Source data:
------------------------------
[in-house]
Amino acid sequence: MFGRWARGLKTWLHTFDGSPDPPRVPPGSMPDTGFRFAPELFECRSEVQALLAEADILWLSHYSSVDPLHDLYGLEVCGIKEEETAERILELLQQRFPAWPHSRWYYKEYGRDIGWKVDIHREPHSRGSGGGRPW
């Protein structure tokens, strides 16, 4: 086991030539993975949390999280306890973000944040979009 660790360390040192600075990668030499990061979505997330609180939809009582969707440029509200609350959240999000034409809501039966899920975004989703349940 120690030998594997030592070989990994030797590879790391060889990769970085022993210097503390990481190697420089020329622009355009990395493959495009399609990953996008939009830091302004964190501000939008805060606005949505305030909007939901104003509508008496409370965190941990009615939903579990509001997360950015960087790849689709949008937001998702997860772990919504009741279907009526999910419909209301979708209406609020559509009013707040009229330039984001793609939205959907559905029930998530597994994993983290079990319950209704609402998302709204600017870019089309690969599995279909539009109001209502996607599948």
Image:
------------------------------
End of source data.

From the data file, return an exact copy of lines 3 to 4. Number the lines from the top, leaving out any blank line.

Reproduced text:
């Protein structure tokens, strides 16, 4: 086991030539993975949390999280306890973000944040979009 660790360390040192600075990668030499990061979505997330609180939809009582969707440029509200609350959240999000034409809501039966899920975004989703349940 120690030998594997030592070989990994030797590879790391060889990769970085022993210097503390990481190697420089020329622009355009990395493959495009399609990953996008939009830091302004964190501000939008805060606005949505305030909007939901104003509508008496409370965190941990009615939903579990509001997360950015960087790849689709949008937001998702997860772990919504009741279907009526999910419909209301979708209406609020559509009013707040009229330039984001793609939205959907559905029930998530597994994993983290079990319950209704609402998302709204600017870019089309690969599995279909539009109001209502996607599948």
Image: